I’m going to go back to a comment I’ve made before about a running gag in horror, that if you’re an indie author looking to make a name for yourself, you attack Brian Keene and/or Nick Mamatas. This gag came about because there was a lot of little fish saying they wrote better than these guys. And usually, these little fish were less talented. But they wanted a hook to reel in an audience, and they felt that being better than Brian or Nick was that hook. Maybe it is a hook, but it’s one cast out without bait. There’s nothing enticing offered to the readers to convince them to swallow the hook. So the few people they can get are the fans of these authors who are looking to disprove the claims (Not really a hard task in most cases.)
So most people know it’s not okay to attack Brian and Nick, and they don’t do it. And really, I have to admire Brian, a guy who seems to write a new novel or comic book script every week. I seem to recall seeing he recently wrote 40K in one day, which is roughly two and have times higher than my best day. I digress, most authors find other ways to talk up their stuff, and some are more successful than others.
But a lot of writers who speak out against internet bullying have no trouble accepting that certain writers are okay to bash. It’s not really a gender thing, because Dan Brown is in that list of authors who it’s okay to hack at. Ho-ho-ho, Dan can’t really write, so it’s just pure dumb luck that his books have sold millions and been turned into movies that grossed millions worldwide. Yes, not any prudent planning or anything like a good marketing plan. It was all just dumb luck, and ANY OF US could get that kind of success if we only had a lucky break.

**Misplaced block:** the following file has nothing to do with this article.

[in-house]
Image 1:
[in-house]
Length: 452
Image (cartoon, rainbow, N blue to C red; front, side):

And that’s just it; this isn’t about the skill of the author or the lack thereof. It’s a vain salve meant to sooth the burn of our own continuing lack of success. It’s that nagging question, “How did that lousy fucker sell a million copies a week when I’m just barely clearing 50 a month?” And it can’t be that people likes them a good stupid story now and then. NO. It must have been some lucky break that makes people temporarily dumb, and one day, ONE DAY, they’ll turn around and recognize real writing talent. Then we’ll be the one at the top of the sales pile, laughing at Dan and E.L. and they tumble into artistic obscurity.
I’ll say it again: what-EVER.
And I’ll let you know something about me. Yes, I would love to have more success. Yes, I would love to one day have the mainstream look at Peter’s series and say “Hallo, what’s this then?” I feel confident that one day it could happen. Not because the story is pure brilliance. It’s because the masses love crappy pop art, and bitches, I EXCEL at making crappy pop art. It’s this mindset that keeps me from biting at the Casts for their slut shaming vampyre books, or from spending my weeks scouring the internet for bad reviews of The Hunger Games to share on my twitter feed. I’d much rather spend my time promoting other authors who I think you should read. I’d rather find better ways to promote me and my work than cast hooks into successful writers and feed myself more bitter schadenfreude.
So if you read 50 Shades of Grey and thought it was awful, sure, go ahead and take a swing at it with a bad review. But after that, get over yourself, and don’t retweet every single bad review just because it validates your sense of superiority. All it does is show how very bitter you are that E.L. James is selling a million copies a week. And bitterness does not look good on anyone.